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How to make effective use of celebrities

Howard Lake | 4 March 2005 | News

The government, media and big business all use celebrity endorsement, but how can the voluntary sector attract and use celebrities effectively and appropriately? Catherine Carnie of agency Cause Celeb shares her tips.

Government, media and big business no longer rule the roost – rather they must share their position of power with Jordan, Rooney and Madonna. But what does all this mean to us in the voluntary sector, and how do we harness this power to benefit our organisations and our work? How do we ensure that celebrities and causes are married intelligently both in terms of cause and the management of that interface?

Celebrity support for causes and issues is not new. In the 1950’s UNICEF enrolled Danny Kaye and he sang and tap-danced his way around Africa doing what he did best to support his chosen cause. Times have changed. Celebrity support is not simply for large UN organisations but is, for the voluntary sector, a ‘given’ – to such an extent that a celebrity/cause ‘currency’ has emerged with which audiences are confident and content to engage. The ‘fit’ works. Sir Peter Ustinov said: “When you have the capacity to have an influence on the public, through movies or theatre, it isn’t difficult to have the same experience to solve the humanitarian problem”.


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Larger organisations invariably have a dedicated celebrity co-ordinator. Smaller organisations also recognise a need to involve themselves with celebrity programmes and apply their limited resources to implement this work.

Within the voluntary sector in the UK, celebrities have been used primarily for raising funds. Perhaps the best and most successful example of this is LIVE/BAND AID. But they have also been effectively used for PR and advocacy. This commitment to the cause/celebrity relationship recognises the power of celebrity and acknowledges perhaps the greatest lesson of the advertising industry – celebrity sells.

Bono and Sir Bob Geldof’s tireless efforts on behalf of Jubilee 2000 forced the issue of third world debt to the top of the international political agenda. As Ann Pettifor, Director of Jubilee 2000 Coalition articulated, having a band of high profile celebrities enabled them the get their “story across to journalists in the international mass media”. Even the government of the day has taken to using celebrity support, and we are no longer surprised to see Blair and Bono side by side.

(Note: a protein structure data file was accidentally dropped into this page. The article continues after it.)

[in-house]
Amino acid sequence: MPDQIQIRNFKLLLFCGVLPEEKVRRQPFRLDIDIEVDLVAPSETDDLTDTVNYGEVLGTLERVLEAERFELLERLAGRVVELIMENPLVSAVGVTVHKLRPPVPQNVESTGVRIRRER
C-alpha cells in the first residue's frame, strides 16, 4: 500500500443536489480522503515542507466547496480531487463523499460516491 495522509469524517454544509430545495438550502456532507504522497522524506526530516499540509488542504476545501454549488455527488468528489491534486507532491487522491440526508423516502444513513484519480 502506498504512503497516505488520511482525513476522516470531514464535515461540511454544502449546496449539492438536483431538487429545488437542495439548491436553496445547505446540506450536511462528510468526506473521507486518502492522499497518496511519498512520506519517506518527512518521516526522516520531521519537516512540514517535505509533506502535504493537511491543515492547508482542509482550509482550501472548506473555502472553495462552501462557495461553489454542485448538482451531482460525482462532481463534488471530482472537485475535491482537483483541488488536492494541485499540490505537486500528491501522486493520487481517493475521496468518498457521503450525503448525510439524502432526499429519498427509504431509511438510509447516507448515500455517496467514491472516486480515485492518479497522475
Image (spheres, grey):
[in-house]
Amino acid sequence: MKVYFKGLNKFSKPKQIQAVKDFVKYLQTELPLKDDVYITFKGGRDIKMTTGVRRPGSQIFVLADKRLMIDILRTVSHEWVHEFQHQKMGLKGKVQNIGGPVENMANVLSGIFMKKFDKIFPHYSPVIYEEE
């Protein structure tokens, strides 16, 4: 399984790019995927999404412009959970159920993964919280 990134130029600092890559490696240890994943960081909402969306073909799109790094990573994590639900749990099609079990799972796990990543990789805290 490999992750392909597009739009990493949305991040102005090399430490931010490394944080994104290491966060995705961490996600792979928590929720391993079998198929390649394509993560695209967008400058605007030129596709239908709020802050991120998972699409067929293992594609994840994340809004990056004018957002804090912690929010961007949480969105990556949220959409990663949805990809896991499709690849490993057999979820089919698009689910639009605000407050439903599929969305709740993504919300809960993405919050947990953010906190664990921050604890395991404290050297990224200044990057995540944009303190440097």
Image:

But, there is of course the other edge of the sword. Celebrity has been proven to sell but can also be a liability. Hamish Pringle, an advertising expert, in his recent publication “Celebrity Sells”, suggests that whilst clever use of celebrities can boost business, the opposite is also true. Here is a key lesson for the voluntary sector – a celebrity is neither a panacea nor a magic wand. They cannot be the answer to all of your organisation’s problems.

Like any successful relationship, the match between a celebrity and a voluntary organisation has to be grounded in authenticity and integrity. Organisations such as Water Aid, UNFPA and Christian Aid discovered this to their cost. Darren Ramsey of the first Big Brother fame, cut short his trip with Christian Aid to visit HIV/AIDS programmes in Jamaica – he couldn’t deal with the reality of AIDS. Martine McCutcheon’s trip to Ethiopia to help WaterAid included publishing a ‘faux pas photo shoot’ where she sat perched on top of a spotlessly clean Land Rover. This showed clear disregard for the very limited resource for which she was trying to campaign.

So, as a voluntary organisation, having chosen to explore the benefits of celebrity support, what next? Research is crucial – Internet, TV, radio, celebrity magazines, newspapers, biographies all give you an idea as to whether there are any potential skeletons in cupboards which you will not want dropping out at a critical moment in the future. Key to your choice of who to attempt to enrol is to ensure an authentic connection between your ideal celebrity and your organisation. Keep in mind your media savvy audience – any artificial melding will be obvious and could damage your organisation’s reputation. And, be clear of your expectations. Articulating complex issues or being a visual model? – these require different skills – skills your chosen ambassador may or may not have.